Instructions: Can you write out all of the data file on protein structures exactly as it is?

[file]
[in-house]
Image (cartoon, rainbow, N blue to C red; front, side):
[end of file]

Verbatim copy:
[in-house]
Image (cartoon, rainbow, N blue to C red; front, side):